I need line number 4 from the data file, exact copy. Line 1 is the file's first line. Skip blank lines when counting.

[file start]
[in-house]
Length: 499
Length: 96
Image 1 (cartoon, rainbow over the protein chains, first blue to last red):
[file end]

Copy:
Image 1 (cartoon, rainbow over the protein chains, first blue to last red):